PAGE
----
Instead, the council established the Northern Gulf of Maine Scallop Management Area. Any boat that held a federal scallop permit between 2001 and 2004 qualified for a NGOM permit, which enabled them to fish for scallops in federal waters north of 42’ 20” (roughly Boston Harbor). The NGOM permit prohibited access to the lucrative grounds south of that line, but it preserved access north of it for a dayboat fishery with a 200-pound daily limit in anticipation of the day scallops would return to the Gulf of Maine.

Togue Brawn's Downeast Dayboat Scallops from the Northern Gulf of Maine are fresh enough to eat raw on the half shell at the forum's seafood reception. Jessica Hathaway photo

Which brings us to today. When the NGOM was created, boats that were making good money elsewhere didn’t think the Gulf of Maine was worth fighting over. But things have changed. Now businesses that have been making millions on the productive grounds to the south argue that the very boats for which the NGOM was created didn’t qualify to be “real” scallop fishermen. The fallacy of their argument is apparent when you recall that the council created the NGOM Management Area for the explicit purpose of preserving a diverse, small-boat fishery in the Gulf of Maine.

Fortunately for Gulf of Maine fishermen, this debate was already settled in Amendment 11 when the intent of this management area was made clear. The NGOM Management Area was created to preserve access for small boats in the Gulf of Maine.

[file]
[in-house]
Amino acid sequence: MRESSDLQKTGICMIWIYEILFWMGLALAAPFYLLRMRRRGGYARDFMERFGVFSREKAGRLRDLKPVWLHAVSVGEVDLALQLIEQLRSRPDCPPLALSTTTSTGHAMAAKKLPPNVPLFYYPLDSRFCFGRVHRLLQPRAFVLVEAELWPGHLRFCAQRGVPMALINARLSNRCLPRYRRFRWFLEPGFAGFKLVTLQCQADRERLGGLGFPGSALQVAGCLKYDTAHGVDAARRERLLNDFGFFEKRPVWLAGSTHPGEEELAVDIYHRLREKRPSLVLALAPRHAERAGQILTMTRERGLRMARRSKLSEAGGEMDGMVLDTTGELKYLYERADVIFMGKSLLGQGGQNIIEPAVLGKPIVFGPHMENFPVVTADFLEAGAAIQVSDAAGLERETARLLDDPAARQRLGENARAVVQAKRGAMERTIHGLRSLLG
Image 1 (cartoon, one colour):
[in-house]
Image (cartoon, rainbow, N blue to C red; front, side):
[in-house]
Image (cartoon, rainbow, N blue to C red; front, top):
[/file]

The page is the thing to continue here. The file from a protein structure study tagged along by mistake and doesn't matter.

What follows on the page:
Nowhere in Amendment 11 does it say these rights are secure only as long as the resource is in the crapper. The fact that boats to the south want unconstrained access into the Gulf of Maine as an insurance policy against climate change is irrelevant. A fisherman who’s willing to do what it takes to make a living from what Mother Nature offers close to home is no less of a fisherman than one who ventures far and wide to discover what offers the highest payday. With the preferred alternatives, both types of fishermen can flourish.

The preferred allocation alternative strikes an appropriate balance between survival and profits for small boats and big boats alike. It allocates the first 600,000 pounds to the NGOM set-aside and then implements a tiered sharing system. Between 600,000 and 3 million pounds, the set-aside will receive 25 percent of the quota; after 3 million pounds it will receive only 5 percent. In a best-case scenario this alternative will yield a NGOM set-aside of less than 1.5 million pounds. Beyond that everything will be added on to the big boats’ “regular” allocation — which by the way is over 46 million pounds this year.

On Oct. 1, the council can choose to honor the forward-thinking decision made in Amendment 11 or they can choose to undo it.

The choice is clear. It is the answer to the question: Why was the Northern Gulf of Maine Scallop Management Area created?

Togue Brawn of Downeast Dayboat.

Togue Brawn ships Maine seafood to consumers across the country through her business Downeast Dayboat. In her spare time she advocates for Maine's dayboat scallop fishermen.